Soon we will be stepping outside into the gentle breezes of springtime. With February out of the way, we can now shed our heaviest coats, on most days, if we are lucky. It's never too soon to rid us of the woes of winter!
Thus far, we have seen little in the way of snow accumulation. It wouldn't be truthful to say that we won't have some rough sledding before we dance into April.
The wicked winds that we have experienced this season played havoc on my trees and shrubs and the hat on the little blue house at the end of the road. To keep abreast of all the spring work that will be staring me in the face this year, I'll have to plan carefully. I usually take advantage of every opportunity the weather affords. March allows me no time to procrastinate. I am already energized and ready to go.
Paul is aware of his favorite groundskeeper's enthusiasm toward the many seasonal tasks that I tackle. He purchased this dizzy domed blonde a Craftsman chain saw and a baby blue long handled pruning tool. I don't know how I'll manage the saw, but I know how to put a pair of Bypass Lopes into action! But then again, if Lizzie Borden could handle an ax, I am thinking that; when it comes down to using the sharpest tool on this place; I will be able to sink some teeth into meat of the matter and swing it. Look out birds!
I am almost sure that I heard my thoughtful little guy say that I could practice while he is at work. Wasn't that thoughtful of him?
There is no way that I will clear-cut the trees on this place, because the heavy-duty electric extension cord won't stretch that far and besides; I don't want the boss to ground me or put a curse my ambition. I don't have time to pout!
Did you know, in March we celebrate Women's History Month? We celebrate great and courageous women who have made outstanding contributions for the betterment of the world that we live in. We think about inspiring women from every walk of life, of every race, color creed, and standing, including those close to us.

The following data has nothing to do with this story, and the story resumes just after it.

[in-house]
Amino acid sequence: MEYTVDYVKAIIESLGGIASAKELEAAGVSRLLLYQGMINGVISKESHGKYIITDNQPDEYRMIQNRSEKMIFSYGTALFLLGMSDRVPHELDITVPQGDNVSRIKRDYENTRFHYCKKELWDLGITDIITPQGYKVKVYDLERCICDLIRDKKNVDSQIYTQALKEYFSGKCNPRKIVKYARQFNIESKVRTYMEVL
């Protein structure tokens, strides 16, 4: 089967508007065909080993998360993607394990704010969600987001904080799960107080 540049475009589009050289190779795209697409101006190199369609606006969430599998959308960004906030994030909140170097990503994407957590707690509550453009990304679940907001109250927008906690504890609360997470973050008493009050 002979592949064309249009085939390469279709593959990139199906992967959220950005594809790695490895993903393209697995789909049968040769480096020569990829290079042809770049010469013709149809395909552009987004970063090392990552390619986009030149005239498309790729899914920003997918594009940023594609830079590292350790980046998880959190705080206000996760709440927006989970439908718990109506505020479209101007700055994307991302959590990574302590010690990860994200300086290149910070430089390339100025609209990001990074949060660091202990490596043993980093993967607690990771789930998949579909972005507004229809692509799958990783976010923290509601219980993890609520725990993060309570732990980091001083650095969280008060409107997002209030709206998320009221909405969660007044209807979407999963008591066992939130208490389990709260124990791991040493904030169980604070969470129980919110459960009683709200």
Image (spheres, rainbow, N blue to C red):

Since March is also Deaf History Month, I find it befitting to mention Helen Keller, the gifted American author and lecturer. Helen was born in 1880. At the tender age of nineteen months, she was stricken with an acute illness that left the little girl deaf and blind.
Helen was seven years old before anyone could figure out how to educate her.
She began special education classes at the Perkins Institute for the Blind that year. While under the tutelage of Ann Sullivan (Macy) little Helen quickly learned to read by the Braille System and write by means of a specially designed and constructed typewriter. Shortly thereafter, the young girl learned to speak.
Ten years later, she entered Radcliffe College. Four years after she graduated with top honors.
Helen lectured all over the world, using her life as an inspiration for others with afflictions. After World War II, Miss Keller visited wounded veterans in hospitals all over the U.S. and abroad.
In 1959, her life was made the subject of a play, The Miracle Worker.
Helen received the U.S. Presidential Medal of Freedom in 1964. She died in 1968.
Helen Keller once said, "Keep your face to the sunshine and you'll never see a shadow." It is clear to me she followed her own advise and it worked for her.
Hillary (Rodham) Clinton will be remembered in the history books well. I've been learning more about her everyday as I tagged along with her on the campaign trail via TV and newspapers and read her books. She has everyone talking even the sidewalk politicians that love to spout vote her out, simply because she is a woman.
Whether Hillary succeeds at her goal of becoming the next president of our country or she fails , the Senator of
New York is courageous, smart, powerful and a champion among women.
If the distinct honor shall become hers, come January 2009; wouldn't it be nice, if we girls could help her pick out a lovely dress for the occasion?
I really can't brag or complain about male candidates of either party, because the girl's rule in this week's Brazil Buzz.
I just mentioned Paul to keep those surprises coming my way.
I can be reached at 446-4852 or drop me a line to 613 North Elm St., Brazil, IN., 47834 or email me at firstname.lastname@example.org.